Badger!!

A badger peeks from behind a water diversion structure at Los Vaqueros Watershed, Contra Costa County, California

A badger peeks from behind a water diversion structure at Los Vaqueros Watershed, Contra Costa County, California

According to former Elliot Ranch manager Greg Lehman, the last known sighting of an American badger (Taxidea taxus) at the top of Sonoma Mountain was about 20 years ago. Biologists have been hoping to see another up here for a long time. Over the last month we’d noticed sign that a badger might be present here on the ranch, but had no conclusive proof — til now.

On March 15th, we were thrilled to find several images of a badger on the memory card of a remote camera (camera trap) we’d placed in the recently burned Corral Meadow (Pressing the Reset Button: Prescribed Fire Clears the Slate).

This is exciting stuff! Not just for the Foundation, but for badger specialists and biologists across Sonoma County, this proof of the reappearance of a former resident species is highly rewarding. Its significance in the landscape can’t yet be gauged, but it belongs in these parts and we’re absolutely delighted to know it’s around.

Caught on a camera trap: A badger on Mitsui Ranch emerges from its burrow at night to survey its surroundings from the top of a pile of dirt tailings.

Why camera traps?

We were inspired to place camera traps here on the Mitsui Ranch after being asked by the Sonoma Land Trust  to participate in their Critical Linkages Project.

Part of the project involves placing strategically located camera traps across the Sonoma Valley Wildlife Corridor. The aim is to gather information on how certain animals use this geographic “pinch point” when migrating between mountain ranges. The project, run by Stewardship Manager Tony Nelson and funded by the Gordon and Betty Moore Foundation, is in its second year and yielding fantastic results. (This was the first badger recorded by the camera traps!)

The Sonoma Mountain range likely plays a critical role in wildlife migration from the interior of California to the coast. Large amounts of data generated by these cameras will help ecologists and biologists understand how wildlife species migrate through a heavily populated area.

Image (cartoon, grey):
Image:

Sonoma Land Trust  cameras allowed us to see a large variety and number of species that we had not previously seen, so we decided to add more cameras in the landscape ourselves. Already, a great payoff!

Badger caught by a camera trap while inspecting its burrow entrance

Badger caught by a camera trap while inspecting its burrow entrance

Working landscapes that support badgers

Badger numbers have so declined in California that they are now listed as a Species of Special Concern by the California Department of Fish and Wildlife. Only large tracts of land can support badgers; they don’t do well where lands are fragmented by development or farming. Development brings people and their pets, which often drive away rodents — badgers’ major prey. In farm country, plowing of fields ruins habitat for rodents by destroying burrows, and farmers often poison rodents to protect their crops.

Large, undeveloped tracts of open space such as park lands or grazed landscapes are ideal for badgers. Here on Sonoma Mountain, large ranch properties are devoted to working the landscapes by grazing cattle wisely. Where cattle are well-managed and people are scarce, badgers can thrive.

How do you know if there’s badger around?

Badgers prey mostly on rodents such as mice, rats, gophers, and squirrels. They also eat large numbers of snakes. Badgers normally dig prey out of their burrows, but sometimes dig down and ambush the prey when it returns from foraging.

Typical badger excavation with a large pile of tailings. Note the slightly oval shape of the hole. Gophers often backfill the badger holes once the badger has left.

Typical badger excavation with a large pile of tailings. Note the slightly oval shape of the hole. Gophers often backfill the badger holes once the badger has left.

Badgers are supreme diggers, armed with long front claws and muscular limbs. They move a lot of earth when they dig, so piles of dirt grow very large. Also, the shape of the hole conforms to the shape of the badger, so it looks a little like a flattened oval.

This image was taken from one side of a badger excavation. Note the the claw marks on the right side of the hole. Claw marks on the side indicate a badger's work.

This image was taken from one side of a badger excavation. Note the the claw marks on the right side of the hole. Claw marks on the side indicate a badger’s work.

 

Badgers dig as if they were doing the breaststroke, which causes them to leave claw marks in the side walls of the hole rather than at top and bottom (as a digging dog would, for example). Badgers move from hole to hole in quick succession, leaving a lot of mounds of dirt tailings. Their presence in an area becomes apparent pretty quickly.

Let us know if you spot badger or badger sign on Sonoma Mountain. We’d love to know!

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